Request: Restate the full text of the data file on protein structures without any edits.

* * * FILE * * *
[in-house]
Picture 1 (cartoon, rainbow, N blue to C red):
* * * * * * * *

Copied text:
[in-house]
Picture 1 (cartoon, rainbow, N blue to C red):